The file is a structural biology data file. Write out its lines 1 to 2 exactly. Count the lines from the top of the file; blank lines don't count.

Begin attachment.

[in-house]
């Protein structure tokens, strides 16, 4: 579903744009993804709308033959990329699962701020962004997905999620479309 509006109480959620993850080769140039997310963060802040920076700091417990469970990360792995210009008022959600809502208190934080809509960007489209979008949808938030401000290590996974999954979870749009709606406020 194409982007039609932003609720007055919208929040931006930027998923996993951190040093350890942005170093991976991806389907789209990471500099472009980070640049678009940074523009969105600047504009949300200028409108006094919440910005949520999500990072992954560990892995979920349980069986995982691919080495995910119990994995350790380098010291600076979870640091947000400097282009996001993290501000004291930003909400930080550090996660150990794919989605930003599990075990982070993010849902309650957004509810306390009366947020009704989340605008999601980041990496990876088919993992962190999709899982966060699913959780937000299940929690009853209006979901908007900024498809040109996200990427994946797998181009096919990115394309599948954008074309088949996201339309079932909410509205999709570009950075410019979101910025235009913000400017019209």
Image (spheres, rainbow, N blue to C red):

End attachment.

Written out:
[in-house]
């Protein structure tokens, strides 16, 4: 579903744009993804709308033959990329699962701020962004997905999620479309 509006109480959620993850080769140039997310963060802040920076700091417990469970990360792995210009008022959600809502208190934080809509960007489209979008949808938030401000290590996974999954979870749009709606406020 194409982007039609932003609720007055919208929040931006930027998923996993951190040093350890942005170093991976991806389907789209990471500099472009980070640049678009940074523009969105600047504009949300200028409108006094919440910005949520999500990072992954560990892995979920349980069986995982691919080495995910119990994995350790380098010291600076979870640091947000400097282009996001993290501000004291930003909400930080550090996660150990794919989605930003599990075990982070993010849902309650957004509810306390009366947020009704989340605008999601980041990496990876088919993992962190999709899982966060699913959780937000299940929690009853209006979901908007900024498809040109996200990427994946797998181009096919990115394309599948954008074309088949996201339309079932909410509205999709570009950075410019979101910025235009913000400017019209």